An alter ego trust is an inter vivos created after 1999 by a settlor who was 65 years of age or older at the time the trust was created. A key property of this type of trust is that the settlor is the only one entitled to receive any income or capital distributions from the trust during his or her lifetime. It is only upon death of the settlor that the property passes to a beneficiary. This type of trust is typically used to avoid probate fees (which are charged at 1.5% on assets over $50,000 in Ontario) since the trust assets do not formally pass into the estate.
However there are some drawbacks to using this type of trust. The alter ego trust cannot use the capital gains exemption available in respect of qualifying property such as small business company shares. In addition, any losses within the trust can only be used to offset the gains of the trust and do not attribute back to the individual. In the year of death, capital losses can be used to offset non-capital gains in the year of death or the preceding year. Depending on the makeup of the investments, this could be a substantial benefit which may be unavailable. The alter ego trust does not form part of the Estate and therefore the assets cannot be used to form a testamentary trust. This is a type of trust that forms on death of a taxpayer and unlike an inter vivos trust, has the benefit of the marginal tax rates that apply to individuals. The potential savings are up to $17,000 per year however recently CRA has been discussing limiting the access to the marginal tax rates for a period of 36 months from the date of death.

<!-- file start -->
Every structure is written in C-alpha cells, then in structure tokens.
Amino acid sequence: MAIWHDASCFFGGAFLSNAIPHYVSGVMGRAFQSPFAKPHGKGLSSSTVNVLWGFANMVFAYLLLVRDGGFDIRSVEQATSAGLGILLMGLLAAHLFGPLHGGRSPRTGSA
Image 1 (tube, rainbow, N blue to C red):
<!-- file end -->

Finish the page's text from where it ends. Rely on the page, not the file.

Provided that the most common use of the alter ego trust is to avoid probate fees, the trust will typically have more than $500 of income and therefore would be subject to the annual filings requirement. Ensure that review both the benefits and the drawbacks to this type of arrangement to ensure that it meets your needs.
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